The primary outcome of AKIKI was the 60-day mortality rate. Several secondary outcomes were also measured, including length of stay, days of mechanical ventilation, onset of diuresis (an indicator of kidney recovery), and number of catheter-related infections.

AKIKI Findings

Randomization was approximately equal, with 312 patients (a plurality with sepsis) receiving early RRT and 308 in the delayed group. Nearly half (151 patients) in the delayed group ultimately required RRT, typically because of a persistently elevated BUN (>112 mg/dL) level or anuria lasting longer than 72 hours. The number of deaths was statistically equal in both groups (303 total deaths, 150 in the early group and 153 in the delayed group). The overall estimate for 60-day mortality was 49.1% (48.5% in the early initiation group and 49.7% in the delayed group, a nonsignificant difference). Perhaps even more interesting was the post-hoc analysis comparing patients who did not receive any form of RRT versus both trial groups. In that group, the patients were less ill at baseline and had a 60-day mortality of only 37.1%.

The only favorable secondary outcomes were rates of renal recovery and catheter-related infections, both supporting the delayed-initiation group. Length of ICU and overall hospital stays were statistically equivalent in both groups.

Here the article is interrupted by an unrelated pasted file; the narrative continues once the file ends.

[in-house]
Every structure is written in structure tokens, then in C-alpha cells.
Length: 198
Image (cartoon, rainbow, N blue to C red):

Where Do We Go From Here?

In short, we go back to the drawing board. Unlike other interventions in which timing has a favorable effect on outcomes, starting RRT earlier resulted in no difference in 60-day mortality. Indeed, if you delay RRT and your patient is fortunate enough to be alive after 60 days, he or she has a better chance of kidney recovery and less risk for catheter-related infection. It seems that the baseline illness of a patient (stage 3 AKI, ventilator-dependent, pressor-dependent) has a more deleterious effect on mortality than can be overcome by RRT, regardless of when it is initiated.

Clinicians reading the AKIKI trial (and this report) might consider the following questions:

  • Is it appropriate to initiate RRT using KDIGO stage in the absence of clinical findings (eg, acidosis, fluid overload, etc.)? Should AKI stage alone determine when RRT is initiated?

  • Should the results of AKIKI be interpreted narrowly or broadly, given the variety of conditions in the patient population? A similar study of surgical ICU patients, concurrently published in JAMA,[3] found a mortality difference in those receiving early RRT.

  • Does the fact that both continuous and intermittent modalities were used in this trial affect the results? In the JAMA study[3] of surgical ICU patients, all patients received continuous RRT.

  • Should another measure of kidney function, such as neutrophil gelatinase-associated lipocalin, be used to detect "early" kidney dysfunction? It is possible that by waiting for the development of stage 3 AKI, the investigators delayed RRT for all patients.

These questions are certainly not all-encompassing, but they give us pause while we try to understand the AKIKI results and reconcile the fact that, in treating specific kidney diseases with RRT, early intervention might not be as therapeutic as in other scenarios.

As always, we welcome your comments below.